.
                        The reason for rotating the commercial fishery through three different areas in three years is because now they understand the life cycle of the spot shrimp is much longer than previously thought, as much as three times a long; read this State report and youíll understand. Back in the 80s and early 90s the sustainability of the stock was almost decimated do to the lack of understanding in this area. Rotating the fishing area is a good idea, one that makes sense.
                        Jay
                        07 C-Dory 25 Cruiser
                        OurPlayground.

                        sigpic

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                        • #27
                          Originally posted by breausaw View Post
                          I agree public comment is an essential, but why must we always be on the defense. Its time to turn the tables and be on the offence here, proposals we submit will have to go through the same public comment process.
                          No, if you try to submit a new proposal through the regular process on this issue, it won't go anywhere right now. The proposal deadline for the meetings this winter expired back in April 2008. At this time, you have to work with what's already on the table. But the Board of Fish has broad authority to amend these proposals based on input recieved from ADFG, Advisory Committees and the public.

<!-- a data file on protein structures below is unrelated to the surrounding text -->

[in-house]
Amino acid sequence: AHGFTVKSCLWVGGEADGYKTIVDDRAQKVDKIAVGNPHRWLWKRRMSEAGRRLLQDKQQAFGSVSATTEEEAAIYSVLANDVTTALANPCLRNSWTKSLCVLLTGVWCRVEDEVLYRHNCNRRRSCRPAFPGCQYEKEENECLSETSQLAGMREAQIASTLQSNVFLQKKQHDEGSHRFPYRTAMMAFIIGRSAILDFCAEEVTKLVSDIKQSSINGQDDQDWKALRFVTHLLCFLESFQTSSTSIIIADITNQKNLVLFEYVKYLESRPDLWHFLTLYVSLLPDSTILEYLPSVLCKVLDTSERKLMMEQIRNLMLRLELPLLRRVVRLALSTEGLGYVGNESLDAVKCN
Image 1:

Technically, I believe proposal 44 was submitted by ADFG at the request of the Board of Fisheries. This one wasn't submitted by the "comm guys". The rationale was that the shrimp stock in PWS seemed to be rebuilding and there may (repeat, MAY) be additional surplus available to re-open commercial fisheries. It began as just a general framework for discussion purposes, and they built a little more substance into it this winter...but it's still open for any further modification or a complete rejection, if that's your wish.

                          But I still wonder why you feel you're "on the defense"? According to ADFG's data (can't find the link right now, so I'm going from memory, but will post when I find it), the sport/PU fishery has been taking about 50,000 pounds of shrimp as of late, and the biomass currently indicates a total allowable harvest around 80 or 90,000 pounds...and is still increasing. There seems to be room for other harvest...either now or later if the biomass continues to increase.

                          I do agree with many of the other above posts that sometimes crazy proposals get submitted that don't get much futher than being printed in the proposal book. These get submitted by sporties and commies, alike . Maybe I missed it, but I didn't see a proposal to prohibit the use of mechanical pullers in the recreational shrimp fishery (as discussed in some of the above posts). In any case, it wouldn't likely pass and I'd oppose it, even though I use one of those sliding-buoy-thingies.